Ducted propellors


#1

Just thought I would stir some thoughts on a ducted propeller idea. It may be very beneficial if designed correctly but also has the potential to be high cost, high drag, increased risk of failure. Any thoughts?


Ducted fans... No cage needed?
#2

Sounds interesting - I was thinking about individual prop surrounds just for cool look points but if you can make them so they increase efficiency with min weight increase then bravo
Cheers, Patrick


#3

Hmm maybe we do need a wiki.
Check out this answer from a few months back. Why four motors, instead of one motor?

Also the search is pretty good on this forum so don’t hesitate to try that before posting :slight_smile:


#4

Yeah I have briefly read elsewhere that for these low speeds the extra drag and weight of the ducts cancels out any possible efficiency gains and is maybe less efficient than no ducts for this style application. Also the unit wouldn’t fold up nicely into a small package do to the large ducts and I’d fear they’d be like mini sails when you get hit by the occasional gusting cross wind tossing you around. The only benefit they might have is slightly reducing noise levels but I thought I read you need a really tight tolerances between blade tip and duct wall for that to work.

I saw that same article and thought wow I gotta look into this but after reading about ducts I realized that if it’s not efficient at these speeds then its not worth it for what I want out of this paramotor rig.

I’m siked that if the weather kinda sorta looks good I can charge the night before and throw this rig and wing in the car in the morning and commute to work with it and go straight from work to my launch field right after work. With my gas paramotor there have been times I’m commuting home from work on a fantastic flying evening and I know that by the time I get home, get my hitch tray on, strap down the paramotor, get to the field, gas up, and preflight check the 2 stroke it will be to late in the day to fly.

I understand that if the weather doesn’t work out then I have to discharge the lipos using up a cycle on them if I don’t fly within two days. But to me that’s better to always have the option to fly than trying to commute with a stinky gas tank in the car and a 2-stroke strapped to a hitch tray on the back of my car. Even though I’d love for all props to be quieter I think the ducts would ruin the ease of portability that I am so looking forward to.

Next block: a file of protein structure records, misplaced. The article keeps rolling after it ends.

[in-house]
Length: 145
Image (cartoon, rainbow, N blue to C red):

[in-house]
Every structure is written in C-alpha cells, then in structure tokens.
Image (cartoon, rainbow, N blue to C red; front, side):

From the most recent video they posted I saw why that weird hole pattern is in the middle of the back plate, it’s cause the blade tips have to fit through there to fold it up, I believe. When I saw that I realized how much went into making this portable and large ducts would not make that possible.
Pretty sure those are the propeller tips poking through the back plate:


#5

Whoah sorry for the essay, I don’t post to forums ever so this is all new to me I’m usually just a lurker.


#6

Good catch! I was wondering about those holes.


#7

Good catch and good point. A serious design achievement. I assumed they were for cooling or weight reduction and they may double as that but I’m sure you’ve correctly identified their primary purpose.


#8

be sure to round off the edges of the prop holes as they tend to abrase the thin prop tips


#9

Who knows how to calculate the shroud profile in an airflow of 35-40km/h? The Capolight Blog shows a 0 axial velocity

This is my sketch

41


#10

Ryan I would be curious about this as well as a single motor seems more efficient than 4 smaller ones with potential for one of the four to go down as well. I know there are benefits in relation to twist not being a factor so much with four vs single prop, but other than that, I would think you could get better efficiency with a single prop.


#11

Could a ducted propeller resolve the need for the cage? Might be able to make the weight trade-off worthwhile in that case… and maybe we could even do a custom designed duct which is more aerodynamic. Seems like this is similar to the electric sudo-jet engines, but those seem to be less efficient.
Being round, they may not have significant windage from the sides… not much more than the paramotor/cage already presents anyway. I’d be interested to see some tests or comparisons regarding this… it does seem like there should be a more efficient method of generating thrust, and jet engines seem to be a really smart/efficient idea… but they rely on heat to work. (And can have a scary intake :wink: